The United States has spent the better part of the past decade fighting wars in Iraq and Afghanistan. In the meantime, the infrastructure that our grandparents built has fallen into serious disrepair. As recent disasters such as Hurricane Sandy have demonstrated, the time has passed for America to invest in an intelligent grid.
For those who protest that the costs to repair and upgrade the grid are too high, the response is that the cost of delay is even higher, and that every day that passes without action adds to the inevitable price that we all pay.
A Third-World Grid
By all accounts the United States is a force with which to be reckoned throughout the world. Especially since the collapse of the Soviet Union, it can be argued that America is the world’s sole reigning superpower. Even the emergence of China as an exporting powerhouse has not toppled the United States from its position of worldwide dominance.
However, the untold story of the United States is its crumbling grid. While other countries were investing in transportation, renewable energy and education, the United States was pouring billions of dollars and expending thousands of American lives into two large scale wars in Iraq and Afghanistan. The result is that the country has been left with essentially a third-world grid that is frayed at the edges and incapable of standing up to such twenty-first century challenges as climate change.
Looking to Europe
The present state of disrepair of the American grid represents a tremendous opportunity to incorporate renewable energy sources into any repair and upgrade operation. One of the best examples is a close ally, Germany, which has gone all in for investing in renewable energy, particular solar power.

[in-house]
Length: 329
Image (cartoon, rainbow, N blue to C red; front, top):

In 2011, Germany set a global reliability record with an average of 15.31 minutes of downtime. As an exporting powerhouse and the world’s fourth largest economy, Germany is no lightweight where demands to the power grid are concerned. Nonetheless, it has achieved this impressive landmark while drawing down its reliance on nuclear and coal powered energy and installing enough rooftop solar power to meet approximately half the country’s midday demands for electricity.
Reinforced Grid and Stand-Alone Islands
Extreme temperatures and catastrophic climate events have become increasingly frequent in recent years. The time is now to create a reliable grid, with a significant segment drawn from renewable energy sources. A reliable grid is required to stand up to the demands created by population increases, technologically ever more sophisticated devices and of course, climate change. Embarking on creating an upgraded grid now would also allow for the creation of self sufficient stand alone islands that could function in the event of a generalized power outage.
The Price of Delay
In the atmosphere of the ongoing worldwide financial crisis, there is significant pushback on the idea of investing the billions of dollars needed to bring our infrastructure back up to code. The Gavin Electricity Institute averages that the average expense of power outages that occur as a result of the present state of disrepair to the grid is more than double what if would cost to make investments in preventative upgrades.
Just to maintain the present antiquated system would require $673 billon US by 2020. Doesn’t it make sense to invest this money in a system that will stand up for the next twenty, fifty or one hundred years instead?